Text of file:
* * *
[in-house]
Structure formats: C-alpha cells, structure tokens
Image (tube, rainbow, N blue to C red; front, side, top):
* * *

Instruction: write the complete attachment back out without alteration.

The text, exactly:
[in-house]
Structure formats: C-alpha cells, structure tokens
Image (tube, rainbow, N blue to C red; front, side, top):